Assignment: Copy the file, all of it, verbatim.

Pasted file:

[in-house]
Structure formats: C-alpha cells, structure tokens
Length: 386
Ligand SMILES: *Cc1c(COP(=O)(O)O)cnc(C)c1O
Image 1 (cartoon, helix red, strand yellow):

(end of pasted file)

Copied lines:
[in-house]
Structure formats: C-alpha cells, structure tokens
Length: 386
Ligand SMILES: *Cc1c(COP(=O)(O)O)cnc(C)c1O
Image 1 (cartoon, helix red, strand yellow):